3. Muriel Rukeyser: “Käthe Kollwitz” (1968) in The Collected Poems of Muriel Rukeyser. 2005. Pittsburgh: Pittsburgh University Press, 460-4. []
  4. Women have abortions every day. It’s just one choice.  Video made by Katie Gillum for the Irish Family Planning Association. Available at: []
  5. The Guttmacher Institute estimates that globally between 30 – 40% of pregnancies end in abortion. The figures vary across different parts of the world and depending on whether abortion is safe and legal, prohibited or effectively unavailable. Guttmacher observes that highly restrictive abortion laws are not associated with lower abortion rates.  The Irish abortion rate is somewhere between 1 in 9 or 1 in 10. []
  6. Sadly, nearly half of all abortions worldwide are unsafe, and nearly all unsafe abortions (98%) occur in developing countries. In the developing world, 56% of all abortions are unsafe, compared with just 6% in the developed world.  Available at: []
  7. The Protection of Life During Pregnancy Act 2013 legalised abortion where a woman is suicidal, although the Act imposes a draconian interrogation regime which vests the power of decision in up to six doctors (gynaecologists / obstetricians, and psychiatrists). The Eighth Amendment to the Constitution, which equates the life of the woman (“mother”) with that of the foetus (“the unborn”) remains in full force, requiring the woman’s life to be saved only in so far as it is “practicable” to do so. Failure to observe the law can result in up to 14 years imprisonment for the woman or for any person acting “with the intent to destroy unborn human life.” []
  8. See judgment in the European Court of Human Rights landmark case: A, B and C v Ireland (2010) (ECHR 2032), []
  9. ‘Silence’ in Irish []
  10. Technically, there have been five referendums as the 1992 referendum put three potential amendments to the electorate, of which two were passed, i.e. the rights to travel and to information. In both 1992 and 2003, the electorate rejected proposals to further narrow the grounds for abortion in Ireland. Only in Malta and Andorra is the abortion regime as tough as in Ireland. []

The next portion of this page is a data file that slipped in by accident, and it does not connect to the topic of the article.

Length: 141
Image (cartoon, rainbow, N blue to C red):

11. At least 3,679 women accessed abortion in Britain in 2012, and over 158,252 women have had to make the journey since 1980. These statistics are for women who gave Irish addresses. It’s not known how many women from Ireland gave UK addresses, or accessed abortion in other countries, such as The Netherlands. See Irish Family Planning Association. []
  12. For many women, provision of the abortion pill (Mifepristone) would be a straightforward solution. However, it is illegal here. []
  13. All along, Ms Y had said she wanted an abortion. []
  14. Sheila Hodgers (d.1983) died screaming in agony of multiple cancers. She and her husband had been repeatedly refused an abortion, induction or caesarean section throughout her pregnancy because, the hospital said, the baby would not survive. Their baby girl died immediately after birth. Sheila died two days later. Savita Halappanavar (d. 2102) was about 16 weeks pregnant when she developed back pain and was admitted to hospital. She was found to be miscarrying but was refused an abortion as the hospital said ‘the foetal heart was still beating’. She died a week later after miscarrying, contracting E.coli leading to septicaemia. Her husband maintained she would have lived had their request for termination been met. See Kitty Holland Savita: The Tragedy that Shook a Nation. 2013. Dublin: Transworld Ireland. []
  15. This brings me back to my starting point. I can’t readily answer that question. Maybe it’s because, having been involved for so long, I’ve lost sight of the key to understanding. It isn’t simple, in any case. []
  16. “Käthe Kollwitz” (Rukeyser 2005: 463). []
| Received: 10-03-2015 | Last Version: 11-03-2015 | Issue 10, Think Piece